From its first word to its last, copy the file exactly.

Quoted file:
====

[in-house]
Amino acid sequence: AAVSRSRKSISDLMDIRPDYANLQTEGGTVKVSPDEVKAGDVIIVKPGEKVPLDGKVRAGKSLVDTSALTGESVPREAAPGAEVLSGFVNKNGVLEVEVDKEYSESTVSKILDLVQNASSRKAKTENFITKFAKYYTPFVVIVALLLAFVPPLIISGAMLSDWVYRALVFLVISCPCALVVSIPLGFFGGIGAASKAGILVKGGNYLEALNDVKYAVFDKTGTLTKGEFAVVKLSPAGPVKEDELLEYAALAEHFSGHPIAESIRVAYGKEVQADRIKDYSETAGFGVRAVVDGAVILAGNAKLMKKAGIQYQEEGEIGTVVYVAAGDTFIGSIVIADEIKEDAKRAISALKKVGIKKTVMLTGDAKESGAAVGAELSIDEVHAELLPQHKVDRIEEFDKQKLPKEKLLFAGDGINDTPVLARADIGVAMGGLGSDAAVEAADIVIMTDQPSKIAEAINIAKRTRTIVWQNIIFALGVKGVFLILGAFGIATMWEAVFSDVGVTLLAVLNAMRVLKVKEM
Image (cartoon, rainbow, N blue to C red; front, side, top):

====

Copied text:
[in-house]
Amino acid sequence: AAVSRSRKSISDLMDIRPDYANLQTEGGTVKVSPDEVKAGDVIIVKPGEKVPLDGKVRAGKSLVDTSALTGESVPREAAPGAEVLSGFVNKNGVLEVEVDKEYSESTVSKILDLVQNASSRKAKTENFITKFAKYYTPFVVIVALLLAFVPPLIISGAMLSDWVYRALVFLVISCPCALVVSIPLGFFGGIGAASKAGILVKGGNYLEALNDVKYAVFDKTGTLTKGEFAVVKLSPAGPVKEDELLEYAALAEHFSGHPIAESIRVAYGKEVQADRIKDYSETAGFGVRAVVDGAVILAGNAKLMKKAGIQYQEEGEIGTVVYVAAGDTFIGSIVIADEIKEDAKRAISALKKVGIKKTVMLTGDAKESGAAVGAELSIDEVHAELLPQHKVDRIEEFDKQKLPKEKLLFAGDGINDTPVLARADIGVAMGGLGSDAAVEAADIVIMTDQPSKIAEAINIAKRTRTIVWQNIIFALGVKGVFLILGAFGIATMWEAVFSDVGVTLLAVLNAMRVLKVKEM
Image (cartoon, rainbow, N blue to C red; front, side, top):